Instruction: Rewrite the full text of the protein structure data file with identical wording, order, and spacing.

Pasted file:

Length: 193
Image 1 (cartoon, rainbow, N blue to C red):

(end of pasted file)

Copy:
Length: 193
Image 1 (cartoon, rainbow, N blue to C red):